The best way to map a projection query to a DTO (Data Transfer Object) with JPA and Hibernate

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Introduction

While answering questions on the Hibernate forum, I stumbled on the following question. What was different than previous questions on the same topic was that the original poster realized the shortcoming of the JPA constructor expression which can be addressed elegantly by Hibernate.

Because this has been a recurring theme on StackOverflow and the Hibernate forum, I decided to dedicate an article to the best way of mapping DTO projections using JPA and Hibernate.

Domain Model

Considering we have the following Post entity:

Post entity for DTO projection

As previously explained, fetching entities only makes sense if you plan to modify them. If you are only interested in a DTO projection, it’s more efficient to select only the columns that are really needed by the caller.

Assuming we want to select just the id and the title from our Post entities, it would be a waste of resources to select an entire Post entity, so let’s see how you could achieve this goal using JPA and Hibernate.

DTO projections using JPA

When using JPA or Hibernate, you can execute both entity queries via JPQL or Criteria API or native SQL queries.

DTO projections using Tuple and JPQL

If you don’t want to supply a DTO class for your projection, you can use the JPA Tuple.

So, to use Tuple projection, your JPQL query looks as follows:

List<Tuple> postDTOs = entityManager
.createQuery(
    "select " +
    "       p.id as id, " +
    "       p.title as title " +
    "from Post p " +
    "where p.createdOn > :fromTimestamp", Tuple.class)
.setParameter( "fromTimestamp", Timestamp.from(
    LocalDateTime.of( 2016, 1, 1, 0, 0, 0 )
        .toInstant( ZoneOffset.UTC ) ))
.getResultList();

assertFalse( postDTOs.isEmpty() );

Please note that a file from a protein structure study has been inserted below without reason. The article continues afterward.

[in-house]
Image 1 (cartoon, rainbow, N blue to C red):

Tuple postDTO = postDTOs.get( 0 );
assertEquals( 
    1L, 
    postDTO.get( "id" ) 
);

assertEquals( 
    "High-Performance Java Persistence", 
    postDTO.get( "title" ) 
);

As you can see, the Tuple is a convenient way of fetching DTO projections as you don’t require to specify a DTO class for every type of projection that needs to be supported.

DTO projections using a Constructor Expression and JPQL

If you don’t want to use a Tuple because you want the DTO projection to use a specific class, you can use a Constructor Expression by specifying the NEW keyword along with the fully-qualified name of the class representing the DTO projection and the list of attributes that will be passed as constructor arguments.

The DTO class must provide a constructor that takes all the attributes fetched by the result set projection.

So, the DTO projection must look as follows:

public class PostDTO {

    private Long id;

    private String title;

    public PostDTO(Number id, String title) {
        this.id = id.longValue();
        this.title = title;
    }

    public Long getId() {
        return id;
    }

    public String getTitle() {
        return title;
    }
}

Therefore, the constructor expression JPQL query looks as follows:

List<PostDTO> postDTOs = entityManager